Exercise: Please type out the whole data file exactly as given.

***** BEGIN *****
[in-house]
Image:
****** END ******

[in-house]
Image: